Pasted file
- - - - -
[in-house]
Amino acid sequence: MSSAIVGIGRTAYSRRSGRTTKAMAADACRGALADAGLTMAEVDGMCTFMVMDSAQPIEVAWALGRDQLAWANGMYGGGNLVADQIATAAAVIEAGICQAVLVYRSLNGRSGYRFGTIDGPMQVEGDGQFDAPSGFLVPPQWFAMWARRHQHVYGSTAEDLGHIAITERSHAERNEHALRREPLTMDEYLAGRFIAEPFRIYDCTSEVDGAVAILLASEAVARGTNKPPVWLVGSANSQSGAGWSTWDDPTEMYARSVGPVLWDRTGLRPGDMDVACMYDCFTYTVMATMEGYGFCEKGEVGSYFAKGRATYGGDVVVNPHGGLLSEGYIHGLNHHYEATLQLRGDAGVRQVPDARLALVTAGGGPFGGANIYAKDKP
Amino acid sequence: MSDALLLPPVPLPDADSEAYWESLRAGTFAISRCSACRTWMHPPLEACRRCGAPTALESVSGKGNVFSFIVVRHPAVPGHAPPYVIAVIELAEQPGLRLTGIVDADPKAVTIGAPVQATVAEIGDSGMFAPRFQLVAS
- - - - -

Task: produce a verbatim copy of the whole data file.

[in-house]
Amino acid sequence: MSSAIVGIGRTAYSRRSGRTTKAMAADACRGALADAGLTMAEVDGMCTFMVMDSAQPIEVAWALGRDQLAWANGMYGGGNLVADQIATAAAVIEAGICQAVLVYRSLNGRSGYRFGTIDGPMQVEGDGQFDAPSGFLVPPQWFAMWARRHQHVYGSTAEDLGHIAITERSHAERNEHALRREPLTMDEYLAGRFIAEPFRIYDCTSEVDGAVAILLASEAVARGTNKPPVWLVGSANSQSGAGWSTWDDPTEMYARSVGPVLWDRTGLRPGDMDVACMYDCFTYTVMATMEGYGFCEKGEVGSYFAKGRATYGGDVVVNPHGGLLSEGYIHGLNHHYEATLQLRGDAGVRQVPDARLALVTAGGGPFGGANIYAKDKP
Amino acid sequence: MSDALLLPPVPLPDADSEAYWESLRAGTFAISRCSACRTWMHPPLEACRRCGAPTALESVSGKGNVFSFIVVRHPAVPGHAPPYVIAVIELAEQPGLRLTGIVDADPKAVTIGAPVQATVAEIGDSGMFAPRFQLVAS